Contact the expert urologists at Georgia Urology to learn more about this form of diagnosis and treatment for prostate cancer, plus more.

Georgia Urology Patient Faces Prostate Cancer With Positivity

patient success story Jack standing by his wife before prostate cancer

“You probably have prostate cancer.”

When Jack Francisco heard those words from his primary care physician, they rattled his already challenging world. It was late summer 2010, and Jack’s wife, Lee, was in the midst of recuperating from her second breast cancer surgery. A financial planner by trade, Jack recognized he and his wife’s own future plans lay in the balance.

Jack’s prostate-specific antigen (PSA) test had resulted in a remarkably high number, 59. All signs were pointing toward prostate cancer. Reading online articles about the disease, Jack fell down a rabbit hole of negative information, and he feared the worst.  

He soon found solace in Dr. Lewis Kriteman of Georgia Urology. After an initial examination, additional testing, and a biopsy, Dr. Kriteman found evidence of prostate cancer. The physician offered treatment options, and recommended a combination of hormone and radiation therapy.

“Dr. Kriteman also gave me some excellent guidance on what the side effects of the treatment would be and the length of time it would take,” Jack said. “And he gave me dietary and exercise recommendations to make sure and maximize the treatment efficacy and minimize the side effects.”

A definitive plan of action helped stabilize Jack’s anxiety, and he and Dr. Kriteman began moving forward.

In the meantime, Lee was receiving chemotherapy and radiation. Inspired by his wife’s strength and positivity, Jack trudged forward with newfound optimism. The extensive nature of her treatment required Jack to tend to his wife’s needs.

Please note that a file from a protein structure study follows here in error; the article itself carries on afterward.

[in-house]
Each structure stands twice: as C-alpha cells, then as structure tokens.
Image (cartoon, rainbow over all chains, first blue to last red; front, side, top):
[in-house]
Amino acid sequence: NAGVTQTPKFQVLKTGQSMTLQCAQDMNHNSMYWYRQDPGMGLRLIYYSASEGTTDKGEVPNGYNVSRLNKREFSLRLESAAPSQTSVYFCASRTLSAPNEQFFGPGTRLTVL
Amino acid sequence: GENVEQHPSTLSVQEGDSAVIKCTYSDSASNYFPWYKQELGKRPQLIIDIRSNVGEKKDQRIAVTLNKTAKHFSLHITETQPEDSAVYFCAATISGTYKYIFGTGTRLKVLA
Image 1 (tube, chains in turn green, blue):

“She needed a lot more support than I did,” he said. “I think that helped me a great deal. I wasn’t dwelling on what I was going through.”

The couple went through radiation together. Lee had her treatment in the mornings, and Jack’s took place in the evenings. Throughout this experience, they sought perspective and the healing power of humor.

“We used to joke that we didn’t need to turn the lights on at night, because we were both glowing from the radiation,” Jack said.

In addition to the strength found within his marriage, Jack relished the “tremendous level of care” and tactical approach he received from Dr. Kriteman.

After approximately 90 days of treatment, Jack’s PSA plummeted to an undetectable level. Remaining diligent, Dr. Kriteman kept his patient on hormone therapy for the next three years.

Throughout this journey, Jack used his own experience and perspective to support others facing a prostate cancer diagnosis. From comforting colleagues to forging friendships on an online prostate cancer support forum, Jack chose to pay it forward.

Now age 68, Jack continues seeing Dr. Kriteman for quarterly tests and exams, and the disease is undetectable.

Jack and Lee are currently enjoying retirement. This includes golfing, traveling, cooking, woodworking, and spending time with their grandchildren. Relying on mantras such as “look for the good,” “get living” and “everyday is a gift,” help pave a road of positivity.

“My wife told me we have to look at it as diseases we’re going to manage,” Jack explained. “We have no guarantee we’re ever going to be cured. If we’re cured, that’s great. If we’re not, it’s not the end of the world. Much of this can be well managed, but we have to stay on top of it. And that’s the approach we’re taking.”

Dr. Vahan Kassabian and HIFU Help Patient Defeat Prostate Cancer

At Georgia Urology, we’re proud to showcase patient testimonials featuring our incredible staff and the technology we offer. Keep reading below to see how Dr. Vahan Kassabian and HIFU aided a patient in his battle against prostate cancer.

Biff Kinney treated with HIFU for prostate cancer riding bike.